Commenced in January 2007
Frequency: Monthly
Edition: International
Paper Count: 18

Search results for: ultrasound imaging

18 Detecting Rat’s Kidney Inflammation Using Real Time Photoacoustic Tomography

Authors: M. Y. Lee, D. H. Shin, S. H. Park, W.C. Ham, S.K. Ko, C. G. Song

Abstract:

Photoacoustic Tomography (PAT) is a promising medical imaging modality that combines optical imaging contrast with the spatial resolution of ultrasound imaging. It can also distinguish the changes in biological features. But, real-time PAT system should be confirmed due to photoacoustic effect for tissue. Thus, we have developed a real-time PAT system using a custom-developed data acquisition board and ultrasound linear probe. To evaluate performance of our system, phantom test was performed. As a result of those experiments, the system showed satisfactory performance and its usefulness has been confirmed. We monitored the degradation of inflammation which induced on the rat’s kidney using real-time PAT.

Keywords: Photoacoustic tomography, inflammation detection, rat, kidney, contrast agent, ultrasound.

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17 Comparison of Back-Projection with Non-Uniform Fast Fourier Transform for Real-Time Photoacoustic Tomography

Authors: Moung Young Lee, Chul Gyu Song

Abstract:

Photoacoustic imaging is the imaging technology that combines the optical imaging and ultrasound. This provides the high contrast and resolution due to optical imaging and ultrasound imaging, respectively. We developed the real-time photoacoustic tomography (PAT) system using linear-ultrasound transducer and digital acquisition (DAQ) board. There are two types of algorithm for reconstructing the photoacoustic signal. One is back-projection algorithm, the other is FFT algorithm. Especially, we used the non-uniform FFT algorithm. To evaluate the performance of our system and algorithms, we monitored two wires that stands at interval of 2.89 mm and 0.87 mm. Then, we compared the images reconstructed by algorithms. Finally, we monitored the two hairs crossed and compared between these algorithms.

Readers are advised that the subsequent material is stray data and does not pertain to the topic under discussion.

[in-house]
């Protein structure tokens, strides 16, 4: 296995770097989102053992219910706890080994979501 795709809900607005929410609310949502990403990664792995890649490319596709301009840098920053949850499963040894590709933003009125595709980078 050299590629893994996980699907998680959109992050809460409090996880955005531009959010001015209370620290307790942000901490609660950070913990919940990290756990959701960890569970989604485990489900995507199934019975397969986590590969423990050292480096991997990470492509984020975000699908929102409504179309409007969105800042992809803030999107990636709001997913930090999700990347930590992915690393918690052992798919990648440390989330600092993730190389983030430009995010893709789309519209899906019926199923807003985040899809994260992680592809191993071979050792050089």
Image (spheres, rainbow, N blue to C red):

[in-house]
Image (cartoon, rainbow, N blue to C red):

Keywords: Back-projection, image comparison, non-uniform FFT, photoacoustic tomography.

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16 Ultrasound Therapy: Amplitude Modulation Technique for Tissue Ablation by Acoustic Cavitation

Authors: Fares A. Mayia, Mahmoud A. Yamany, Mushabbab A. Asiri

Abstract:

In recent years, non-invasive Focused Ultrasound (FU) has been utilized for generating bubbles (cavities) to ablate target tissue by mechanical fractionation. Intensities >10 kW/cm2 are required to generate the inertial cavities. The generation, rapid growth, and collapse of these inertial cavities cause tissue fractionation and the process is called Histotripsy. The ability to fractionate tissue from outside the body has many clinical applications including the destruction of the tumor mass. The process of tissue fractionation leaves a void at the treated site, where all the affected tissue is liquefied to particles at sub-micron size. The liquefied tissue will eventually be absorbed by the body. Histotripsy is a promising non-invasive treatment modality. This paper presents a technique for generating inertial cavities at lower intensities (< 1 kW/cm2). The technique (patent pending) is based on amplitude modulation (AM), whereby a low frequency signal modulates the amplitude of a higher frequency FU wave. Cavitation threshold is lower at low frequencies; the intensity required to generate cavitation in water at 10 kHz is two orders of magnitude lower than the intensity at 1 MHz. The Amplitude Modulation technique can operate in both continuous wave (CW) and pulse wave (PW) modes, and the percentage modulation (modulation index) can be varied from 0 % (thermal effect) to 100 % (cavitation effect), thus allowing a range of ablating effects from Hyperthermia to Histotripsy. Furthermore, changing the frequency of the modulating signal allows controlling the size of the generated cavities. Results from in vitro work demonstrate the efficacy of the new technique in fractionating soft tissue and solid calcium carbonate (Chalk) material. The technique, when combined with MR or Ultrasound imaging, will present a precise treatment modality for ablating diseased tissue without affecting the surrounding healthy tissue.